... Studies of the dietary intake conducted by the Food and Drug Administration show an average daily intake for adults of 0.03,ug/kg of daily weight remarkably independent of age and sex, or 2.1,ug/day for a 70-kg adult (Cramer 1994~. Using a terrestrial food chain model, Travis and Blaylock (1992)
From page 91...
... Atmospheric deposition is an important source of lead found in soils. The strong absorption of lead to organic matter in soil tends to limit the bioavailability of lead and thus it tends not to bioaccumulate in aquatic and terrestrial food chains.
From page 92...
... 92 Cal Cq an so ca C)
From page 93...
... , unidentified sources still might be dominant, because attempts at mass balances suggest that the observed deposition rates are greater than can be accounted for by known sources (Brzuzy and Hites 1996~. In addition, there are substantial differences between the homologue distribution of dioxins found in the environment and those emitted by incineratorsdifferences that cannot be explained by models of the environmental fate of dioxins from combustion sources.
From page 94...
... From the concentrations and fluxes in the different compartments, the human exposure models are developed using the correlation of Travis and Hattemer-Frey (1988) on the assimilation of the dioxins in dairy products, beef, and vegetation.
From page 95...
... ~ 95 an' WAT ER /.0001 / AIR l / 0004 * K ng /day FIGURE 4-2 Estimated environmental compartment concentrations of and human exposures to T4CDD by various pathways in Southern Ontario.
From page 96...
... A Hattemer-Frey, "Human Exposure to 2,3,7,8-TCDD", Chemosphere, 16:2331-2342 (1987)
From page 97...
... cities, while the total chlorine are about 10-100 ,ug/m3. ENVIRONMENTAL POLLUTION CONCENTRATIONS ASSOCIATED WITH WASTE INCINERATION At large distances, the only emissions from incineration facilities which need to be considered are those which contribute significantly to the total regional emissions.
From page 98...
... Estimates of Ambient Air Concentrations of Various Pollutants from Waste Incineration Estimates of air pollutant concentrations associated with hazardous-waste incinerators and cement kilns that burn hazardous waste are provided here to give some idea of the contribution of an incineration facility to air quality. The estimates are not intended to represent the full range of air concentrations that might be associated with incineration facilities currently operating.
From page 99...
... for 20 commercial hazardous-waste incineration units and 30 cement kilns using hazardous waste as fuel. It should be kept in
From page 100...
... 100 an ·- ˘ C)
From page 101...
... Due to the uncertainties associated with the air modeling as mentioned above, the results shown should not be used in an absolute sense; however, they might be useful in a relative sense to detect trends. In this calculation, the air concentrations attributable to cement kilns are somewhat higher than those for hazardous-waste incinerators, even after imposition of MACT.
From page 102...
... 102 ad ·C)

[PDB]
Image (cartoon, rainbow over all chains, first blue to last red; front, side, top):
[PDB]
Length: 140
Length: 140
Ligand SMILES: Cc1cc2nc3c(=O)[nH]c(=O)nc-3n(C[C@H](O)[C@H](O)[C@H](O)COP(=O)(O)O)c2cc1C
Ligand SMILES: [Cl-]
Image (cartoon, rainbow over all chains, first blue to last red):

From page 103...
... b PCDD/F is the toxic equivalent of the sum of the polycholorinated dibenzodioxins and polychlorinated dibenzofurans. Results from Environmental Monitoring Studies Around Incineration Facilities Mathematical models and calculations have utility as tools for prediction and correlation of measurements in the environmental sciences.
From page 104...
... , and total particulate matter.
From page 105...
... (1998) determined concentrations of PCCDs and PCDFs in 24 soil samples collected near a municipal solid-waste incinerator (Tarragona, Catalonia, Spain)
From page 106...
... (1998) analyzed levels of cadmium and lead in air and surfacesoil samples collected in an area around the Baldovie municipal-waste incinerator in Scotland.
From page 107...
... Thus, single-medium studies indicate that important dioxin and furan concentrations could not be detected in bovine milk, soil, or vegetation, but increases in lead could be found in soil and vegetation and increases in mercury could be found in moss and human hair samples collected near incinerators. In addition to the single-medium studies, there have been several multimedia studies around incinerators.
From page 108...
... The incinerator is a rotary kiln with a secondary combustion chamber, heat-recovery equipment, and five pollution-control devices. The study focused on particulate matter in ambient air and metals in soils.
From page 109...
... However, the authors concluded that despite the magnitude of the emissions, soil and air concentrations in the urban area of Columbus did not exceed urban air and soil concentrations of dioxins found around the world. Limitations of the studies cited above include reflection of a nonrandom set of facilities; inconsistency of methods, and problems with sampling and analytical techniques, detection limits, number and location of samples, duration of studies, contaminant contribution from other emission sources, and quality assurance and quality control.
From page 110...
... However, methodological limitations of the studies do not allow for general conclusions to be made about waste incineration' s contributions to environmental concentrations of those contaminants. They also do not allow for characterization of total human exposure.
From page 111...
... The models suggest that fish consumption is potentially the major pathway of human exposure to mercury and that meats, dairy products, and fish are potentially the major pathways of exposure to dioxins and furans. Because the food chain is potentially the primary path for exposure to dioxins and furans and toxic metals such as mercury, the correlation between total exposure and local emissions is expected to be low.